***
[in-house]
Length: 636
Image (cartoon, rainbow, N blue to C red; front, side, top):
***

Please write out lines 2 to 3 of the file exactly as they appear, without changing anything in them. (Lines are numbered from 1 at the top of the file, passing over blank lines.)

Length: 636
Image (cartoon, rainbow, N blue to C red; front, side, top):